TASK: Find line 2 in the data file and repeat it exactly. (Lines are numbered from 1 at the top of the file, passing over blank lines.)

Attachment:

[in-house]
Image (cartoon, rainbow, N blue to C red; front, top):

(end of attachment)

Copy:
Image (cartoon, rainbow, N blue to C red; front, top):